GlaxoSmithKline is a world leading research-based pharmaceutical company that combines both individual
talent and technical resources to create a platform for delivery for strong growth in a rapidly changing
healthcare market. Our mission is to improve the quality of human life by enabling people to do more, feel
better and live longer.
The Oncology Cell Therapy Research Unit in Stevenage comprises of scientists with broad scientific
background. We are currently seeking a highly motivated and enthusiastic undergraduate student with a
flair for practical work. Applicants should have completed a minimum of 2 years of a degree in a biological
science subject prior to commencement of the placement. Ideally you will be able to work accurately and
methodically in the laboratory with good communication skills.
The candidate will have an opportunity to contribute to cell therapy programmes and may be involved
with some of the aspects described below:
- Kinetic assessment of 3D Spheroid TCR/CAR-T cell killing assays
- Assay development for Receptor Occupancy and Internalisation
- Tonic/ TCR Signalling assay development
Within the department, we work collaboratively and have responsibility for the production of key assay
data to inform the biology pertaining to oncology cell therapy. Successful candidates will also have the
opportunity to gain an understanding of the role of drug targets in the pathophysiology of disease.
During your industrial placement year you will receive full training & support within our state of the art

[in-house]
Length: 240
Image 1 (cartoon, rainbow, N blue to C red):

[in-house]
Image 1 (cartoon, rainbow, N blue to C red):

facilities in Stevenage to enable you to develop your skills within an industrial environment.
I enjoyed my placement very much! There were lots of other placement students on site and in my office which made it easier to make friends, and my whole team was really lovely! I enjoyed working in the lab and learning new skills- it was a great place to learn because there were experts in lots of different lab techniques in our department. I found I was able to have a good work-life balance, and people liked to socialise in the evening.
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My department was relatively small (around 40 people), so I managed to meet everyone and learn everyone's names, which made it easier to feel valued. Even the head of department would stop and have a chat sometimes. After I'd got used to how everything worked and the lab work, I felt able to contribute well to the team. By the end, people were asking me for advice in how to use the lab equipment I was using and I was able to support them.
I had a placement supervisor who I had weekly meetings with, to talk about how things were going and plan the next week. I could also go to him at any time for help or support. My line manager also kept up to date with what I was working on and we met every couple of months to discuss how it was going.
My business varied from week to week depending on lab work. Once I'd got going (after about a month), I always had something to be working on, and often a back-log of jobs but nothing unmanageable. I always had time for a tea break when needed, and only a couple of times stayed especially late (after 6pm) to finish jobs.